|Edgewater, like many neighborhoods in Miami, is the perfect blend of past and present. It is directly north of Downtown, and much of the growth taking place in the Design District and other surrounding areas is spilling over into it.|
Along with this population expansion, high rise apartment complexes are being built to accommodate the rising number of residents, with shuttle drop off to MIA airport in about 20 minutes, its easy to see why Edgewater is a booming are of Miami. Mixed in with these modern structures are historic homes that date back to Miami’s beginnings in the early 20th century.
Despite the recent boom in skyscrapers, Edgewater is in no danger of losing its unique personality. New buildings are designed carefully to be both functional and attractive. The 1800 Club, for example, is a residential skyscraper that won the SARA Design Award in 2002.
Many of these skyscrapers, like the Paramount Bay on Edgewater Square, offer breathtaking views of Biscayne Bay. While these views will mostly benefit residents of the building, some, like Blue on the Bay, offer an observation deck. Blue on the Bay’s observation deck is 37 stories up, giving you the perfect vantage point to take in the scope of the water.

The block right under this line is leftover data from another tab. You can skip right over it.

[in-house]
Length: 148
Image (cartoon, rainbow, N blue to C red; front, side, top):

Most of these buildings, though residential on the upper floors, dedicate their first two or three floors to retail. The 1800 Club has 5 retail stories before the apartments begin. Paramount Bay is being redesigned, but even if you never set foot inside of it, the three seamlessly woven together towers are impressive to look at even from the outside.
Although primarily a residential neighborhood, retail opportunities in Edgewater are increasing. While not the shopping Mecca that Bal Harbour Shops or Lincoln Road is, it nonetheless offers all of the necessities. Edgewater also has many fine dining establishments, including many Latino restaurants.
Edgewater shares a border with Wynwood and these two neighborhoods have a lot in common. Though Wynwood has the stronger reputation when it comes to art, Edgewater has its own galleries and showcases. Though Miami Avenue is the official border between these two neighborhoods, the line between them is not as clear as that.
Demographically, the two are almost the exact same. There is a large Latino population, mostly from Puerto Rico. This becomes obvious once you start to pay attention to the popular restaurants throughout the neighborhood, though plenty of other nationalities are represented there as well.